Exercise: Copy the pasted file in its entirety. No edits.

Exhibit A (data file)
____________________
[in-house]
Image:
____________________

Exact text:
[in-house]
Image: